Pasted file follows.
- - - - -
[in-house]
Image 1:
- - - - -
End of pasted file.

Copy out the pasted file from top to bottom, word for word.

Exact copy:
[in-house]
Image 1: